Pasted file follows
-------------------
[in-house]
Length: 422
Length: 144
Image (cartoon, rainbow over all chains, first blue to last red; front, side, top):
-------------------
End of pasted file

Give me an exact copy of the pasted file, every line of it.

[in-house]
Length: 422
Length: 144
Image (cartoon, rainbow over all chains, first blue to last red; front, side, top):